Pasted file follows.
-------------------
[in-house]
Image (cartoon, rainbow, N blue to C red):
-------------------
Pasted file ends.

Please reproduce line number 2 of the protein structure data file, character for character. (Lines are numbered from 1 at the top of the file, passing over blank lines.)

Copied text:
Image (cartoon, rainbow, N blue to C red):